Puglia Holiday Rentals | Holiday Homes in Italy the villa specialists
We are proud to offer an excellent selection of holiday villas in Puglia and some stunning sea view apartments
Highlights of Puglia
|Travel through the countryside around Alberobello & count the Trullis on your passage||Visit Ostuni, one of the most stunning hilltop towns in southern Italy, a whitewashed haven with wonderful panoramic views|
|Do not miss Lecce, Puglias largest city of exuberant baroque architecture and lavish churches||Take a boat trip on the southern tip of Santa Maria di Leuca and marvel at the crystal-clear waters within this cavernous coastline|
|Discover Polignano a Mare by pedalo, drifting past numerous beached inlets & onto the majestic clifftop town itself||Watch the sunset from its old town walls of Gallipoli whilst sipping an Aperol Spritz|
Puglia is a diverse region with a perfect blend of rustic landscapes and kilometres of pristine coastline; it boasts some of the cleanest beaches in Italy and it is rare to see overcrowding like in the northern beach resorts. The towns offer a wealth of history and its countryside is charming & picturesque with olive trees, orange soil and pretty white houses - an artist's dream!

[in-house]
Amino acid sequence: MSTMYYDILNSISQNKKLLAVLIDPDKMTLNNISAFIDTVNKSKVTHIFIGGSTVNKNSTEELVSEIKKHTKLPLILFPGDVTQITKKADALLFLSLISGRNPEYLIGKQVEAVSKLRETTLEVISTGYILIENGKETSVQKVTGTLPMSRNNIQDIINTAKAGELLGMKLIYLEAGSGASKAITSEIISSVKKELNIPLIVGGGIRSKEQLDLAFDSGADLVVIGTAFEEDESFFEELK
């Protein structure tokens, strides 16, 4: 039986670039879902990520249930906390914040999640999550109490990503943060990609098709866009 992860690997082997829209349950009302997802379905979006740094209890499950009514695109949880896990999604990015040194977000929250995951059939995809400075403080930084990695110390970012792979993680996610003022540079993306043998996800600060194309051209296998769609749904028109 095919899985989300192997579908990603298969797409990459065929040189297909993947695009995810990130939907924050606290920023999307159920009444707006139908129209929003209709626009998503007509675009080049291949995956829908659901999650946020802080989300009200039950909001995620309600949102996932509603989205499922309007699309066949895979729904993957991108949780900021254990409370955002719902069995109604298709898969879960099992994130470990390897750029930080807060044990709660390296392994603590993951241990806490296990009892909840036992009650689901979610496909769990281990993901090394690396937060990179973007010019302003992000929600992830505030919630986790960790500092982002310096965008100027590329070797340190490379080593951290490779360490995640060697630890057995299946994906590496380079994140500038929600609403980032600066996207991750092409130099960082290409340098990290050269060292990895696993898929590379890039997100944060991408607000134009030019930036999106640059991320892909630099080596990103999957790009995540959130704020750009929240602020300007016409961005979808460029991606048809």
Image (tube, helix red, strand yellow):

Labelled "The heel" of Italy and invaded & conquered by just every major power of the day, it seems that the Greek and the Spanish left the biggest impression to this whitewashed region. The area maintains great cultural wealth with remote medieval villages, coned roofed houses and ports with a distinctive middle eastern flavour.
From the very start of this region in the north and often called the "spur" of the heel you can visit the nature reserve of the Gargano peninsular, untouched, unspoilt & uninhabited. Then venture further south past sandy beaches, hilltop towns, medieval fortresses & conical houses onto the southern tip where the seas of the Adriatic & Ionian meet.
Alberobello - an upmarket gem of a town and capital of the Trulli region, a designated UNESCO World Heritage site, filled with magic & mystery. With manicured tree lined streets - leading up to the main church and steering off into the old Trulli part of the town - where strange conical white dwellings crowd the narrow streets even with trulli shops, restaurants and a Trulli Cathedral which leads onto a large relaxing main square where you can take in the comings and goings of probably the most visited and popular towns of this region.